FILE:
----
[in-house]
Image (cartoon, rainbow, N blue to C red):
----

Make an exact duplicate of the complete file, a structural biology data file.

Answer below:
[in-house]
Image (cartoon, rainbow, N blue to C red):